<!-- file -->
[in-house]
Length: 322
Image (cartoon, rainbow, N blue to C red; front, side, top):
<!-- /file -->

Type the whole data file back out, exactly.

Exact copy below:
[in-house]
Length: 322
Image (cartoon, rainbow, N blue to C red; front, side, top):